The Opening Demands in Mediation

Mediators often deal with plaintiff’s counsel who have very high opening demands. There are many times when the defense lawyers think they are wasting their time at mediation because the case is not worth anything close to the amount in the opening demand. Experienced mediators have come to realize that the amount asked for in the opening demand is at least three times what plaintiff’s counsel thinks the case may actually be worth. There are many reasons plaintiff’s counsel “anchor high.” The top three reasons for outrageous opening demands by the plaintiff’s counsel are listed below:

  1.  To leave themselves room to negotiate and bargain with the other party
  2.  To wait for the other side to make the first move
  3. To keep their client happy

Any good negotiator knows they should leave room to negotiate. In the mediation process, having a high opening demand allows the plaintiff’s counsel room to negotiate and bargain with the defense lawyers. Therefore, they will “anchor high” in an attempt to meet their client’s demands.

The second reason listed above for high opening demands is that the plaintiff’s counsel may be waiting for the other side to make the first move. Professor Howard Raifa of Harvard University found that the first number proposed during the mediation process that is not absurd or as high as the opening demand amount will often set the “reasonable zone of acceptance.” Therefore, waiting for the other side to make the first move may or may not always be wise. Plaintiff’s counsel will always try for a higher amount while defendant’s counsel will aim for a lower amount, but the party to establish the “reasonable zone of acceptance” first may be at an advantage. Making the first move should definitely not be considered a sign of weakness.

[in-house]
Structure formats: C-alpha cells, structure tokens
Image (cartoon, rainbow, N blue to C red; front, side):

From the three reasons listed above for high opening demand amount, the third one is perhaps the most obvious. Lawyers want to please their clients by getting them the most amount of money. Plaintiff’s counsel never want their clients to think that they could have gotten more money from the mediation if they had asked. If the defense is offering $100,000, the counsel does not want their client to think the offer could have been $200,000 simply by asking for a higher amount in the first place. However, the mediator must not react to outrageously high or law offers made by each side. The mediator is expected to remain impartial and the best way to do so it to instruct the parties on how to negotiate and not make suggestions on the opening demand amount.

Sources Referenced:

  1. Mediate
  2. McDonald & Mannion Mediation

About rauschmediation

Rausch Mediation & Arbitration Services
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